Sunday, 20 April 2008

Did Romans eat bananas?

posted by kathy

Sometimes conversation after Meeting takes odd turns. I can't recall what sparked the question, but we found ourselves challenged by the query, "Did Romans eat bananas?" Some time later we moved to Bible fruits and the identity of the fruit of the tree in the middle of the Garden of Eden. The fruit is never named. I said, sweepingly, that apples are not mentioned in the Bible but of course I was wrong. They occur in the Song of Songs, in the lovely line, "Stay me with flagons, comfort me with apples: for I am sick of love." ( Song of Solomon 2-5, for those who like careful referencing.)
It's not a matter of theology or accuracy, but on aesthetic grounds I prefer the Authorised Version.

The question of Romans and bananas has stayed with me. Fortunately there are websites to answer such questions. The Roman Food site gives lists of what Romans did and did not eat. I'm afraid that bananas are listed with coffee and chocolate as food that the Romans definitely never tasted. They did, however, eat dormice, although the Senate made an attempt to ban this in 115 B.C. Because fruit - and later vegetables - were the focus of our conversation, we failed Mary Beard's dormouse test.

I haven't anything further to add about the fruit of the tree in the midst of the Garden of Eden but I can't agree with Christine's suggestion. I know there's no justification for the idea of an apple but a seedless grape is just too small. A pomegranate, perhaps?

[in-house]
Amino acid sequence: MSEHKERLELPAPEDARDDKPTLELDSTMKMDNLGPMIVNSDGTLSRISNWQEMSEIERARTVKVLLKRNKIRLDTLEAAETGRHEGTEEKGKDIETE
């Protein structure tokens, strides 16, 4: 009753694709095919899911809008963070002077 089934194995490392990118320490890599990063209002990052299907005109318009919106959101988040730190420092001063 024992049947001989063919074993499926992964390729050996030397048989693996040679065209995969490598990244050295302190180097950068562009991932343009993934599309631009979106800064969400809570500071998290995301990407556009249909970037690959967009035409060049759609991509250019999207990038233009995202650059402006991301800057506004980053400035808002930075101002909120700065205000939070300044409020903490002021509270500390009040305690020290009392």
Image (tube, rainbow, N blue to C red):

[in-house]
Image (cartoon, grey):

Saturday, 5 April 2008

Quaker Universalist Conference

posted by Rhiannon

A quick report from Woodbrooke, where I'm at the Quaker Universalist conference, so you know why I'm not with you this Sunday.

It has been said that most British Quakers, being the open-minded liberal-liberal kind, are probably Universalists on some level, but QUG (the Quaker Universalist Group) acts as a focus for that strand of the Society of Friends. (A 'universalist' is, roughly, someone who believes in some truth in all religions: it's 'being open to new light', extreme ironing edition).

The title of the conference is 'Translating Spirit'. We've heard about the Zero Point Field (it's centring down, with added quantum) from Brian Gill, balancing the inside and the outside from Jennifer Kavanaugh (I just know I spelt that wrong; correction when I'm not already late for dinner), and music and massage and other non-verbal spiritual things from John Sheldon. Plus there's been time for discussion, both formally in our ten-person 'break out groups' and informally over the pepetual mugs of tea and coffee. Still to come are the AGM and further sessions.

I'll think of you all in Meeting tomorrow.